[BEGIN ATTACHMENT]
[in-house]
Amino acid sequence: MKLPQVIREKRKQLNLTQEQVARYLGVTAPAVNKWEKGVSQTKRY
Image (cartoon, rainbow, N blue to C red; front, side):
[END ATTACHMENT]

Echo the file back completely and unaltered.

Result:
[in-house]
Amino acid sequence: MKLPQVIREKRKQLNLTQEQVARYLGVTAPAVNKWEKGVSQTKRY
Image (cartoon, rainbow, N blue to C red; front, side):